Call it what you want -- independence, straight talk, or honesty. I call it backbone. For Tim Kaine, his core beliefs were rooted in his Catholicism. But it doesn't have to be religion. So before Democrats start breaking out their Bibles or begin to natter on and on about "faith" and "values," remember that people just want leaders who are leaders, and that takes sticking up for what you believe in.

Similarly, Ed Kilgore (NewDonkey) concludes:

But it does mean a candidate can get away with an unpopular position if he or she is clear about it; bases the position on faith or other respected values; and exhibits a willingness to defer to majoritarian opinions. Kaine did all those things very effectively.

There are lots of ways in addition to the Bible to express underlying principles that resonate in red state country, including notions of right and wrong. And Dems are never going to attract the folks that just can't pull the lever for someone who's not born again.

Posted by: nadehzda | Nov 9, 2005 6:07:03 PM

I think authenticity is probably more important than actually having to profess to believe in God or Christianity. The question is whether you are genuinely moral rather than just mouthing religious-sounding phrases.

I believe that my liberal beliefs are the moral position. If I can convey that, I reckon the job is likely to get done even if I never claim this morality to be rooted in a belief in God.

Posted by: Avedon | Nov 9, 2005 7:24:09 PM

Anyone who takes on Amy Sullivan (or Jim Wallis), can't be all bad, but if you guys had ever tried to encounter seriously religious people you might have learned that the Catholics who have done what Kaine apparently did in Central America, and what very few of our "all Abortion all the time" bishops would ever have the balls to do, tend to be braver, more committed, and more caring than most of the rest of us -- and certainly more aware of the diversity of people in this world than recent contemporary college graduates tend to be, TAP fellows or not.

Posted by: Gene O'Grady | Nov 9, 2005 7:55:35 PM

I don't know why it should be so, but it usually seems that the first casualty to religious conversion is the ability to accept others as they are (or one could say, as God made them). The genuine exultation experienced by those who experience belief as a life-changing process makes for very partisan people. And I have had enough of an insider's viewpoint to know that the rank and file do not understand the ecumenical concept of common brotherhood as an absolutely critical point of true Christianity. On the other hand, much of this is due to no less generous an impulse than the desire to share the perceived cause of personal revelation and change, regardless of the preconceptions of others. Now, that's in a Perfect World. What actually happens defies rational explanation.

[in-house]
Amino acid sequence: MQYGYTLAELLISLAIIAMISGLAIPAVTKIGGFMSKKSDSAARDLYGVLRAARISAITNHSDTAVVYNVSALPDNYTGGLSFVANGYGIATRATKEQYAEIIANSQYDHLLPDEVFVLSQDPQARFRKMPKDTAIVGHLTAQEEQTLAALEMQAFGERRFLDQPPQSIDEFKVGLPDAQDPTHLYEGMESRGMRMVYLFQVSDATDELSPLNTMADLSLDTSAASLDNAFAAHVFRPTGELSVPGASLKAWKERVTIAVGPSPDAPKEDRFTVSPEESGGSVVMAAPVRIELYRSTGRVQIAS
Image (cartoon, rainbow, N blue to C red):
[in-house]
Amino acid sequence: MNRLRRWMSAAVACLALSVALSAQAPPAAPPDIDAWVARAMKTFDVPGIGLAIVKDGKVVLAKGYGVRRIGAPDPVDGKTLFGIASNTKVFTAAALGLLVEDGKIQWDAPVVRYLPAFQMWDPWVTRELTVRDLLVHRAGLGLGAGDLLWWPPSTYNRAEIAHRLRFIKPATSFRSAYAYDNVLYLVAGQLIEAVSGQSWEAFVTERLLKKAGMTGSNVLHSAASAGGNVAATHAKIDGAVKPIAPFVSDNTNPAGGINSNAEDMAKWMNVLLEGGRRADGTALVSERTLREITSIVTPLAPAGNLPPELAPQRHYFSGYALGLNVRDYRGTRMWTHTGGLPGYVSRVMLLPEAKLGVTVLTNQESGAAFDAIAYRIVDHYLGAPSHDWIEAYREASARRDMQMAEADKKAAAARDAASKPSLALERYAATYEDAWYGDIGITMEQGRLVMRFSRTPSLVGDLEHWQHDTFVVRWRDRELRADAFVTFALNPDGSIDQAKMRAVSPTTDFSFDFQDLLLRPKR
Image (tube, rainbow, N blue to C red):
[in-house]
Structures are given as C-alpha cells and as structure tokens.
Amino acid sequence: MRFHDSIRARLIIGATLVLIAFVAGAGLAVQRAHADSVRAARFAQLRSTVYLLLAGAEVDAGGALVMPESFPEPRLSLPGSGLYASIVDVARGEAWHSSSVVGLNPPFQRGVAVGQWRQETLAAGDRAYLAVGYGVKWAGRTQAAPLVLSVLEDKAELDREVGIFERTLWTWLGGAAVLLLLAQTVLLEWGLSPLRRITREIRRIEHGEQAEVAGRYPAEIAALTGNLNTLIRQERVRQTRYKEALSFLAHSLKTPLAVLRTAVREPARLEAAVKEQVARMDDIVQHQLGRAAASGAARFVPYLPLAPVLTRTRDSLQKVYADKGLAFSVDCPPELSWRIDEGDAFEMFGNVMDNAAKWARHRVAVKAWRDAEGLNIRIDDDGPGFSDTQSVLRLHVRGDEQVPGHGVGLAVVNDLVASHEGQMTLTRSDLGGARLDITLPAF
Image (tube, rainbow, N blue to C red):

Posted by: opit | Nov 9, 2005 11:40:49 PM

As a progressive Christian, I always cringe when people on the left talk about religion. It often involves insulting people who are religious, particularly Christians, and it usually showcases a general ignorance of religion. This thread is very respectful, though, and I appreciate that.

I agree with many of the other commenters here. I think Julian Elson is right that we need to work on destigmatizing atheism and agnosticism, and nadehzda and Avedon are on target that authenticity and the ability to articulate genuine moral beliefs are what really matters.

Another piece of the puzzle, however, is that Americans tend to vote for people to whom they can relate. Most Americans aren't as well educated or as financially well off as most politicians, and religion can be a way to bridge that cultural divide. It's a shared language, which is why stories from the Bible resonate with people.

Posted by: screendoors | Nov 10, 2005 1:11:52 AM

[[It's bad enough that Democrats believe they've got to fake faith these days, transforming casual spiritual commitments into essential components of our beings.]]

I question your underlying premise, which is that Democrats have no authentic faith of their own.

Otherwise, I think screendoors in the comment just above makes all the points I was planning to make.

Posted by: Lex | Nov 10, 2005 11:52:11 AM

Analogy: in schools, rather than having gay clubs, they have gay-straight alliances. Fewer atheist organizations, more atheist-theist alliances. Oh wait! We already have those! That's why the head of Americans United for the Separation of Church and State is a preacher. There's a good reason for that. The Democratic Party is the party for religious people that share values with atheists, as well as the party for atheists. Rather than ducking the subject, both the theists and atheists in the party need to make the affirmative case for unity in those values in the public square. Tim Kaine can make that case from the theist perspective. I wish atheists and agnostics in the party would spend more energy making the same case from their perspective; more optimism, less fear.

Posted by: andrew | Nov 10, 2005 12:35:52 PM

What andrew said, perfectly!

Posted by: CParis | Nov 10, 2005 1:02:18 PM

kaine won, get over it already!!

Posted by: typical_conservative | Nov 10, 2005 2:35:38 PM